Tech Roundup Hackers Inspire Investors: A Boon for Israeli Cyber Security Companies

The industry sector that Check Point developed has emerged from the doldrums and is once more alive with investment activities and opportunities.

Orr Hirschauge
Orr Hirschauge
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Orr Hirschauge
Orr Hirschauge

In the latter half of the previous decade, Israeli cyber security companies were having a hard time trying to raise investment capital. The disappointing exits, the feeling that the new companies were merely providing complementary services for the products of the giants in the field and the growing interest in the “sexier” Internet companies that dealt directly with the consumer all contributed to a situation in which investors shied away from the new cyber security firms.

Many entrepreneurs who had served in technological units in the Israel Defense Forces and who had worked with such cyber security companies as Check Point, Aladdin Knowledge Systems and Cyota tried to set up their own companies and came face to face with this difficulty. The absence of investor interest led to a significant reduction in the number of new companies that were founded in this field in Israel. However, over the past two years, the investment fears of this sector have vanished as a new approach has developed on the issue of cyber security.

In a report issued by the IVC Research Center on new investments made by investment funds in Israel, no less than nine companies listed are new cyber security firms that were established in 2012. The report does not include the many investments that have been made by micro funds, seed angel venture capital funds, accelerator funds and foreign investment funds that have recently begun to operate in Israel.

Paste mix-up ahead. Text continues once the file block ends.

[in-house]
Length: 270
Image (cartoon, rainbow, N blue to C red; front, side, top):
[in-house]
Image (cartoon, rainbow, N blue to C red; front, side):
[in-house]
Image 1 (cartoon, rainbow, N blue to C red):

For investors who are more interested in investing in companies in this field, a wider range of opportunities are now available. According to a survey conducted by the PricewaterhouseCoopers (PwC) accounting firm, 45 cyber security firms were established in Israel last year.

“Not only are more information security firms being created today, the fields in which they operate are not the standard sectors of the past,” says Yaron Blachman, who leads PwC Israel’s Security and Forensics advisory services. The recent innovativeness in the field can be attributed to three technological trends that have shaken up the old models over the past few years: the shift to cloud computing, the smartphone revolution and Big Data, or the analysis of data on a huge scale.

Other factors are the significant changes the field of cyber security is undergoing and the threats it must deal with.

In recent years, sophisticated cyber attacks on various organizations have aroused immense public interest. Computer systems that had previously been considered to be highly protected, such as those of the RSA cyber security firm and Lockheed Martin, have been hacked, and cyber attacks have been launched against the internal data banks of Google and various technological firms, financial organizations and large media groups. In light of these attacks, the entire field of cyber security has evolved from a specialized niche to a major component in the information security strategies of companies and organizations around the world.

“This field has always been very active. However, there has been a dramatic increase in activity globally, especially in Israel,” notes Shlomo Kramer, one of Check Point’s founders and the founder and CEO of the Imperva business security company, which began trading on NASDAQ in 2011. Kramer is the most prominent investor in the field of information security in Israel and he has invested in many cyber security firms. Some of them – such as Trusteer and Palo Alto Networks, whose shares are traded on NASDAQ and which is considered one of NASDAQ’s most successful technological companies in recent years – are major firms and top performers.

New cyber security threats